1. The sensitivity of cromakalim-activated current (Icrom) to manipulations of extracellular cationic composition was examined in whole-cell voltage clamp recordings from freshly-dispersed, adult guinea-pig ventricular myocytes. In bathing media with different concentrations of K+ (1, 2.5, 5.4 and 12 mM) the Icrom reversal potential (Erev) varied in strict correspondance with the K+ equilibrium potential and inward Icrom amplitude was proportional to the external K+ concentration. 2. Replacement of 12mM K+ with 12mM Rb+ induced a slight positive shift of Erev indicating that PRb+/PK+ = 1.06. K+ replacement with 12mM Cs+ reduced or abolished inward Icrom and produced a negative shift of Erev by at least 50 mV; an upper limit of PCs+/PK+ was fixed at 0.18. 3. Addition of Rb+ (1-30 mM) to 2.5 mM K(+)-containing medium produced a concentration-dependent increase in inward Icrom and positive shift of Erev suggesting that K+ and Rb+ have similar permeabilities and conductivities and do not interfere with each other in the channel. 4. CS+ (0.01-30 mM), added to medium containing 12 mM Rb+, induced a potent, voltage-dependent inhibition of inwardly rectifying current (IK1; IC50 = 0.2-3 mM). Voltage-dependent inhibition of inward Icrom was observed only at considerably higher CS+ concentrations (IC50 = 4-30 mM). Extracellular Rb+ and CS+ did not substantially alter the amplitude of outward Icrom. 5. The results support the contention that the ATP-sensitive K+ channel is the primary target of cromakalim action in ventricular myocytes.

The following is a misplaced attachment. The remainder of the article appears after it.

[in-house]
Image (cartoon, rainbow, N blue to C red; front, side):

02/1991 | Behav Pharmacol   IF 1.9
Effects of tianeptine on spontaneous alternation, simple and concurrent spatial
Jaffard R, Mocaer E, Poignant JC, Micheau J, Marighetto A, Meunier M, Beracochea D

The effects of systemic administration of tianeptine, a new psychotropic agent

The aim of the present study was to test whether intrastriatal implants of embryonic dopaminergic neurons are able to normalize the lesion-induced dysfunction of striatal enkephalinergic neurons, one of the major output systems of the striatum. The ascending dopaminergic pathway of adult rats was unilaterally lesioned. Three weeks later a cell suspension obtained from the mesencephali of ED14 rat embryos was implanted into the denervated striatum and striatal methionin enkephalin immunostaining was quantified six months later by the use of an image analyser. Methionin enkephalin immunostaining was unevenly distributed in the striatum of control animals. Besides the classical patch/matrix pattern, a mediolateral gradient was also present and, moreover, immunostaining decreased towards caudal levels. Seven months after the lesion of the nigrostriatal dopaminergic pathway, methionin enkephalin immunostaining was found to be increased in the denervated striatum by about 50%. However, relative increases were more sustained in the areas where basal methionin enkephalin immunostaining were lowest, i.e. the lateral striatum and posterior striatal areas. This resulted in an attenuation of the global gradients seen in the normal striatum. Increased immunostaining was also found in the ipsilateral globus pallidus. The implantation, into the denervated striatum, of embryonic dopaminergic neurons led to a reversal of the lesion-induced increase of striatal and pallidal methionin enkephalin immunostaining six months later. Moreover, this reversal resulted in an overshoot, as the level of immunostaining in the graft-bearing striatum was found to be lower than the levels found in the normal striatum. It is concluded that grafts of embryonic dopaminergic neurons can normalize the function of one of the major output systems of the striatum and, through it, influence more distant targets of this structure. This suggests a physiological basis for the behavioral effects observed previously with such grafts.